The two male vampires have survived by shape-shifting into the soldiers who killed their previous bodies, and now the pair are infecting most of London's population. As Carlsen and Caine are transporting Dr. Armstrong back to London, the female alien escapes from her sedated host and disappears. Martial law is declared as the vampire plague sweeps through the city, the victims seeking out other humans to absorb their life force and perpetuate the cycle. The absorbed life forces are channeled by the male vampires to the female vampire, who transmits the accumulated energy to their spaceship, which is now in geosynchronous orbit over London.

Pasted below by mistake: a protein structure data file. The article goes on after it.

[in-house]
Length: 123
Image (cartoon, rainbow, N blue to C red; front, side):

Dr. Fallada impales one of the male vampires with an ancient weapon of "leaded iron". He contacts Carlsen and Caine and surmises that the creatures have visited Earth periodically with the coming of Halley's Comet, creating the vampire legends. He delivers the weapon to Caine before succumbing to the infection. The female vampire is tracked by Carlsen to St. Paul's Cathedral, where she is lying upon the altar, transferring energy to her spaceship. She reveals, much to Carlsen's shock, that they are a part of each other due to the sharing of their life forces, thus sharing their psychic bond. Caine follows Carlsen to the cathedral and is intercepted by the second male vampire, whom he kills. Caine throws Carlsen the weapon, who impales himself and the female alien simultaneously. This action causes the release of a burst of energy that blows open the dome of St. Paul's. The two ascend the column of energy to the spaceship, which then returns to the comet as Caine watches.